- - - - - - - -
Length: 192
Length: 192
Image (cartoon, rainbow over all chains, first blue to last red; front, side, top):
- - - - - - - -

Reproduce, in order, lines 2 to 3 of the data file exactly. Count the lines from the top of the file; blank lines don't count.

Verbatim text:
Length: 192
Image (cartoon, rainbow over all chains, first blue to last red; front, side, top):